I had pretty great neighbors growing up. On one side was the kind, elderly Persian couple whose grandson frequently visited them and became my primary bike-riding and nacho-eating buddy. On the other was the Scientologist family with the scruffy dog and the massive trampoline they sometimes let me jump on. Nonetheless, I can't help but feel that the neighborhood of my youth pales in comparison to the one that folks living around the intersection of NE 42nd and Sumner are lucky enough to call home. This is because these four corners are dotted not just with houses and apartment complexes but, in the grand tradition of Portland livability, with a handful of local business, including the all-ages art-and-music exhibition space Rererato. Unfortunately, that may soon change.

Responding to a complaint about Rererato serving food and generating noise, the city recently dispatched an inspector to investigate. While nothing came of these particular allegations, as a result of this inspection the zoning status of the building Rererato occupies came under scrutiny. The block on which the art space sits was zoned for residential use in 1981, but many of the buildings on that stretch of 42nd have been used for commercial purposes since before that time, and are grandfathered out of the residential-only zoning if it can be verified that they have continuously functioned as something other than houses.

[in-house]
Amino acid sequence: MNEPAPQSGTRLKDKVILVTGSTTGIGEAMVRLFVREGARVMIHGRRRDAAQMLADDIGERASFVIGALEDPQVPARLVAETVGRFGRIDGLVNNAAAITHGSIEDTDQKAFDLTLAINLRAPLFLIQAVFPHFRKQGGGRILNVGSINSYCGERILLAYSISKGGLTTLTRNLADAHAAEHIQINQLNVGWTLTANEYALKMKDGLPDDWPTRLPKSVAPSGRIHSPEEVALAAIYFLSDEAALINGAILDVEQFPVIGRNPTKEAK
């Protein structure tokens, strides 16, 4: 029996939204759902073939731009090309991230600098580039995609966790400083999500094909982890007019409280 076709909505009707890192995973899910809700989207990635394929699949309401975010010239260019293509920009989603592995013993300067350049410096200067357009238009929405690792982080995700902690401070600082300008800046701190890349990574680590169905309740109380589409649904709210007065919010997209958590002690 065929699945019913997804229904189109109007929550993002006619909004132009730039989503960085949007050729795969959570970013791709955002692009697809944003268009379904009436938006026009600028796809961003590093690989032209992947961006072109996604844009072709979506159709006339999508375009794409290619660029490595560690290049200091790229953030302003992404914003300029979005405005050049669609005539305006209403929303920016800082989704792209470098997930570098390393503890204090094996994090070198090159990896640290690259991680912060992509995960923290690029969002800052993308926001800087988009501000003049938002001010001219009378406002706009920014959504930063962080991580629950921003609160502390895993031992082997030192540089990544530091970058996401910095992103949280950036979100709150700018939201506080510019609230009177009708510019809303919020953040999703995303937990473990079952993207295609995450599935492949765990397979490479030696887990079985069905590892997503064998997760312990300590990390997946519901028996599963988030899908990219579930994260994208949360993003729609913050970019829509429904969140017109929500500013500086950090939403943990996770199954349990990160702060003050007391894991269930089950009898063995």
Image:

Over the years, the building currently housing Rererato has been many things, including a video store and a Hare Krishna temple, but Chris Radcliffe, an artist and Burning Man co-originator who purchased the property in March 2007 and began renting to Rererato soon thereafter, has been unable to account for the period from 2000-2007. Unless he can dig up documents proving his building's consistent non-residential use by February 25, he will be fined as much as $1,000 a day for being in violation of zoning code until Rererato closes its doors to the public.

Further complicating the zoning situation is the fact that Rererato does not charge admission for shows and exhibits (although donations are solicited), and the dynamic duo that runs the space, Adam Keller and Stephanie Simek, live in the basement. This being the case, Rererato events bear more of a resemblance to particularly open and artsy domestic parties than to business endeavors.

Radcliffe explains, "The city was concerned that Rererato was a commercial enterprise. I explained that there was no commercial activity. That Rererato was operating an art salon under the French Belle Époque model; that the only commerce was in ideas. And that it was no different than any type of open studio program. They said they would consider that, but then decided it was not a model that they could define under the zoning code."

Losing Rererato would be sad for our city indeed, not just because it is one of the only places in Portland that consistently presents experimental music to people of all ages for free, but also because, unlike many commercial venues and galleries, it is an active participant in the life of its neighborhood. Many of us choose to live in Portland precisely because of the block-by-block communities made possible by mixed zoning and community-oriented local establishments like Rererato.

Join many of Rererato's neighbors in expressing your support for its continued existence by emailing Joe Chamberlain, the city employee managing the case: chamberlainj@ci.portland.or.us.